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Illinois Education Association calls school districts, leaders to take action amid increased violence in schools

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School-Safety

SPRINGFIELD, Ill. (WREX) — The Illinois Education Association (IEA) is calling on school districts that aren't adhering to school safety laws in the state. 

President Kathi Griffin made the announcement Wednesday. 

In 2019, the state legislature passed House Bill 1561, known as the School Threat Assessment Bill. 

Here's a look at some of the things the law does:

  • Instructs schools to develop a threat assessment team and a threat assessment protocol.
  • Expands the use of the 1-cent county sales tax to include school safety improvements, school resource officers or mental health professionals, or allow a district to issue bonds, borrow money or find other ways to pay for the similar needs.
  • Requires school districts to implement a threat assessment procedure that may be part of a school board policy on targeted school violence and prevention, which must include the creation of a threat assessment team made up of specific people.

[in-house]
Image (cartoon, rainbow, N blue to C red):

• Calls for each district to review each school building’s emergency and crisis response plans, protocols and procedures and the make-up of its team.
  • Requires each district’s assessment team to include mental health professionals as well as representatives from state, county and local law enforcement agencies.

The IEA is now partnering with two state lawmakers to sponsor new legislation that will ensure school districts are complying with the requirements in the School Threat Assessment law.

The call to action comes following a deadly mass shooting at school in Michigan earlier this month. 

“What happened in Michigan two weeks ago is a tragedy. Every incident where someone in a school is injured at the hand of another is heartbreaking,” said Griffin. “Violence is increasing in our schools across the state. Our educators should not have to constantly worry about their safety and the safety of their students. This is not their problem to solve. They’re under enough stress already. School administrators need to take immediate action to keep our students, staff and communities safe.”

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